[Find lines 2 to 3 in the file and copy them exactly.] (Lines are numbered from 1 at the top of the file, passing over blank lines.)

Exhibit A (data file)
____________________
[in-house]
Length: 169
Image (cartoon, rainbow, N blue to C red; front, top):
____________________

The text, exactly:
Length: 169
Image (cartoon, rainbow, N blue to C red; front, top):